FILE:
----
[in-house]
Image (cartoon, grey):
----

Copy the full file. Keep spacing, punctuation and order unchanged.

[in-house]
Image (cartoon, grey):